When my son first started reading, he mostly went for non-fiction, in areas that interested him. Hmph, I thought, books about poo and ancient Egypt hardly count towards developing a literary sensibility. I embarked upon his education, based on books of literary merit, as defined by me, the writer in the family. We’d ease in with Dr Seuss and follow up with Enid Blyton, and on. My son’s interest in reading congealed like refrigerated castor oil in his psyche. He liked Dr Seuss well enough, particularly as the cat in the hat was bucking the system he himself wanted to buck – why should I read what you want? He might have liked other books I suggested, but they weren’t about the things that interested him. It’s a wonder the fledgling reader in him survived.
If I’d taken a leaf from my mother’s book, I’d have realised my folly. She didn’t care what we read, so long as our eyes were on words. I mostly read Superman and Batman comics. I moved to books, of course I did, but I still chose what I wanted, at the local library and through the school’s bookclub. I loved Ivan Southall best, and read everything he wrote. I remember in Year 7, I saw his new book Bread and Honey on the bookclub list. I was over the moon. But Mother de Montfort said Bread and Honey wasn’t suitable for children our age and we weren’t to order it. I was devastated. I went home and told Mum. “Just tick the box to buy it, dear,” she said, and so I did. I was amazed when the book arrived in my monthly parcel, Mother de Montfort none the wiser, no bolt of lightning striking me down. I loved Bread and Honey, a gentle book about adolescence and change, and I still have my copy.
Reflecting on my journey as a reader and now as the parent of a reader, I’ve started to wonder why grownups decide which books are good for children. This year’s Children’s Book Council Awards will be announced on 1 July, and children haven’t done the judging. Why is that? Children know what they like. They can think, describe, even write persuasively, thanks to NAPLAN. Why don’t they decide which books are the best? If I can decide what’s of literary merit, surely they can too. Perhaps not for books which are read by grownups to children. These could be judged by grownups, preferably ones who’ve had to read them 200 times. But surely panels of young readers could judge books for young readers.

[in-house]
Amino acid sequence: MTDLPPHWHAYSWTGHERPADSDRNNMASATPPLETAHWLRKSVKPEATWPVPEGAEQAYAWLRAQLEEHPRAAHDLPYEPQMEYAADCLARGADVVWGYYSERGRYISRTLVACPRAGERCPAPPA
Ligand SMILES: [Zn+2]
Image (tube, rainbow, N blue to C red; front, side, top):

This may seem flippant, but our literacy rates suggest we need to encourage Australians to discover what a joy reading can be, and joy doesn’t generally come from coercion in any form. The sobering fact is that 46 per cent of adults in Australia have literacy rates below the minimum level for “coping with everyday life and work in a complex advanced society.” Today’s children may be even worse off, because they have at their disposal many more competing joys than previous generations that don’t require near as much effort as reading.
I think Andy Griffiths – who isn’t on the shortlist for this year’s Children’s Book Council awards – should be Awarded in the Order of Australia for turning so many kids on to reading. In fact, it was when I heard my son laughing out loud as he read The 13-Storey Treehouse – a sound every parent should be treated to – that I realised my folly in foisting books on a child. Suddenly, I remembered how my mother made me love books so much. She let me be.
When my son needs new books now, I stay out of it. His father has a knack for sourcing fantastic non-fiction in the latest area of interest – medieval cities, brain science, ninjas. His little public school has one of those lightfilled libraries that hums with readerly joy. And we go to Avid Reader bookstore at West End which has a children’s corner that’s just right and staff like Hannah and Chris who take children’s interests so seriously they share them. My son is making recommendations to me on reading now, which is the way it should have been from the start, poo and all.
Based on the column published in The Courier-Mail Qweekend on 22 June 2013. I write mainly about writing, education, birth, health and the thrill of parenting. You can Get in touch, tick the box to receive emails, Like Writer Mary-Rose MacColl on Facebook or follow MaryRoseMacColl on Twitter. Have a great day!